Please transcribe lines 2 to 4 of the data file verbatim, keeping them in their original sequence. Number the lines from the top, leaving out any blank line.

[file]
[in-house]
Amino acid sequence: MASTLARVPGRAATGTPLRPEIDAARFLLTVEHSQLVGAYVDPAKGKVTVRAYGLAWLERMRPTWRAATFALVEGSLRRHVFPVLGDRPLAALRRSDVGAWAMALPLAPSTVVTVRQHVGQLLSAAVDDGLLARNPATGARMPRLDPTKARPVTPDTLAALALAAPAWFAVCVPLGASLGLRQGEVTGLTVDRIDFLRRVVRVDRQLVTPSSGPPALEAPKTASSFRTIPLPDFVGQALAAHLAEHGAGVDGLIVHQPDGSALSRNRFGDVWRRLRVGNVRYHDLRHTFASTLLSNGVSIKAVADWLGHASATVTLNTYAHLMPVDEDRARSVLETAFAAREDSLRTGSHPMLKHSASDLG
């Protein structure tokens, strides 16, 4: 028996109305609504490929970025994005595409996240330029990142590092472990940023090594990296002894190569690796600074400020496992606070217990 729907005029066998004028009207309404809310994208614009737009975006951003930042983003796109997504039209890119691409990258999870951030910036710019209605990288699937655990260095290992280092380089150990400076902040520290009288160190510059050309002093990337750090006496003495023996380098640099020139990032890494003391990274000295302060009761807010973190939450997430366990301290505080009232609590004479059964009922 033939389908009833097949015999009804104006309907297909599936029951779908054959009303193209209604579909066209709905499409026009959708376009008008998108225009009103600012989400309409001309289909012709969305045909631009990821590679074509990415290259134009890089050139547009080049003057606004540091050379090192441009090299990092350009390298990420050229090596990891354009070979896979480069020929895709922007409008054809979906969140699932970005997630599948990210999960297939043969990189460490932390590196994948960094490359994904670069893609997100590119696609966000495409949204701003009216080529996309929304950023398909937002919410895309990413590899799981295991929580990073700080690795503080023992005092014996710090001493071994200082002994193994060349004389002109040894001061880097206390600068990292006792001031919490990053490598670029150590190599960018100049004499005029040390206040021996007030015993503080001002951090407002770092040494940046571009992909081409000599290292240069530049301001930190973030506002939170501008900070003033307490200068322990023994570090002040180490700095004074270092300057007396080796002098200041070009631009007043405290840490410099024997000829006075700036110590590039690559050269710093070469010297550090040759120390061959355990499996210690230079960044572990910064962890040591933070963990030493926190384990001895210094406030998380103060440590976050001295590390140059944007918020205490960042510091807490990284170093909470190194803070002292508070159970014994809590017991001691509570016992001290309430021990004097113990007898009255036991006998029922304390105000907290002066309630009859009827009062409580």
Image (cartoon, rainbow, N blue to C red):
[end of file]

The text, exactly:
Amino acid sequence: MASTLARVPGRAATGTPLRPEIDAARFLLTVEHSQLVGAYVDPAKGKVTVRAYGLAWLERMRPTWRAATFALVEGSLRRHVFPVLGDRPLAALRRSDVGAWAMALPLAPSTVVTVRQHVGQLLSAAVDDGLLARNPATGARMPRLDPTKARPVTPDTLAALALAAPAWFAVCVPLGASLGLRQGEVTGLTVDRIDFLRRVVRVDRQLVTPSSGPPALEAPKTASSFRTIPLPDFVGQALAAHLAEHGAGVDGLIVHQPDGSALSRNRFGDVWRRLRVGNVRYHDLRHTFASTLLSNGVSIKAVADWLGHASATVTLNTYAHLMPVDEDRARSVLETAFAAREDSLRTGSHPMLKHSASDLG
């Protein structure tokens, strides 16, 4: 028996109305609504490929970025994005595409996240330029990142590092472990940023090594990296002894190569690796600074400020496992606070217990 729907005029066998004028009207309404809310994208614009737009975006951003930042983003796109997504039209890119691409990258999870951030910036710019209605990288699937655990260095290992280092380089150990400076902040520290009288160190510059050309002093990337750090006496003495023996380098640099020139990032890494003391990274000295302060009761807010973190939450997430366990301290505080009232609590004479059964009922 033939389908009833097949015999009804104006309907297909599936029951779908054959009303193209209604579909066209709905499409026009959708376009008008998108225009009103600012989400309409001309289909012709969305045909631009990821590679074509990415290259134009890089050139547009080049003057606004540091050379090192441009090299990092350009390298990420050229090596990891354009070979896979480069020929895709922007409008054809979906969140699932970005997630599948990210999960297939043969990189460490932390590196994948960094490359994904670069893609997100590119696609966000495409949204701003009216080529996309929304950023398909937002919410895309990413590899799981295991929580990073700080690795503080023992005092014996710090001493071994200082002994193994060349004389002109040894001061880097206390600068990292006792001031919490990053490598670029150590190599960018100049004499005029040390206040021996007030015993503080001002951090407002770092040494940046571009992909081409000599290292240069530049301001930190973030506002939170501008900070003033307490200068322990023994570090002040180490700095004074270092300057007396080796002098200041070009631009007043405290840490410099024997000829006075700036110590590039690559050269710093070469010297550090040759120390061959355990499996210690230079960044572990910064962890040591933070963990030493926190384990001895210094406030998380103060440590976050001295590390140059944007918020205490960042510091807490990284170093909470190194803070002292508070159970014994809590017991001691509570016992001290309430021990004097113990007898009255036991006998029922304390105000907290002066309630009859009827009062409580």
Image (cartoon, rainbow, N blue to C red):